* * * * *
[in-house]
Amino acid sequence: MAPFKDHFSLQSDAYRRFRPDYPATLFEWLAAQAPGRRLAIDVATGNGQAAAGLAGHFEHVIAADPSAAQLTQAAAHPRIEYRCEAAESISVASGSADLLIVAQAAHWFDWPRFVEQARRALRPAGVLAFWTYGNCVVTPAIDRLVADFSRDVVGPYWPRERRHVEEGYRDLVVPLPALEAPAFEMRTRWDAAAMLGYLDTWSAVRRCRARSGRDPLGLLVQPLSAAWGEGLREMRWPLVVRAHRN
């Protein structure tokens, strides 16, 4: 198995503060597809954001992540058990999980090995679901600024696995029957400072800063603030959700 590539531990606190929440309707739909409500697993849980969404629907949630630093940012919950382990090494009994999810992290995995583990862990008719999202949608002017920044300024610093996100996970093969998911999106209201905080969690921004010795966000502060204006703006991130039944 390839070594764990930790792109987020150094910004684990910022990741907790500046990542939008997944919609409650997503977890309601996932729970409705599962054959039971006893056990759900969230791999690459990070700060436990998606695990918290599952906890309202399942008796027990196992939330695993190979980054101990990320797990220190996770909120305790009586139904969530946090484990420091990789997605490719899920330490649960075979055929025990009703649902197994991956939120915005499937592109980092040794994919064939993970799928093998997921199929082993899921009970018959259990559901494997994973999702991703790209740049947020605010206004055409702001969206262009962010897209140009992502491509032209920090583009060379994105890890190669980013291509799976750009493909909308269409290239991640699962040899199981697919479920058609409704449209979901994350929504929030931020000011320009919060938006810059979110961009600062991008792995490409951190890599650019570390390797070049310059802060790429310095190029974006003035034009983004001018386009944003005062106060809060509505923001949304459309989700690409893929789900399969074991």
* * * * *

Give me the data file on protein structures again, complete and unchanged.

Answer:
[in-house]
Amino acid sequence: MAPFKDHFSLQSDAYRRFRPDYPATLFEWLAAQAPGRRLAIDVATGNGQAAAGLAGHFEHVIAADPSAAQLTQAAAHPRIEYRCEAAESISVASGSADLLIVAQAAHWFDWPRFVEQARRALRPAGVLAFWTYGNCVVTPAIDRLVADFSRDVVGPYWPRERRHVEEGYRDLVVPLPALEAPAFEMRTRWDAAAMLGYLDTWSAVRRCRARSGRDPLGLLVQPLSAAWGEGLREMRWPLVVRAHRN
């Protein structure tokens, strides 16, 4: 198995503060597809954001992540058990999980090995679901600024696995029957400072800063603030959700 590539531990606190929440309707739909409500697993849980969404629907949630630093940012919950382990090494009994999810992290995995583990862990008719999202949608002017920044300024610093996100996970093969998911999106209201905080969690921004010795966000502060204006703006991130039944 390839070594764990930790792109987020150094910004684990910022990741907790500046990542939008997944919609409650997503977890309601996932729970409705599962054959039971006893056990759900969230791999690459990070700060436990998606695990918290599952906890309202399942008796027990196992939330695993190979980054101990990320797990220190996770909120305790009586139904969530946090484990420091990789997605490719899920330490649960075979055929025990009703649902197994991956939120915005499937592109980092040794994919064939993970799928093998997921199929082993899921009970018959259990559901494997994973999702991703790209740049947020605010206004055409702001969206262009962010897209140009992502491509032209920090583009060379994105890890190669980013291509799976750009493909909308269409290239991640699962040899199981697919479920058609409704449209979901994350929504929030931020000011320009919060938006810059979110961009600062991008792995490409951190890599650019570390390797070049310059802060790429310095190029974006003035034009983004001018386009944003005062106060809060509505923001949304459309989700690409893929789900399969074991």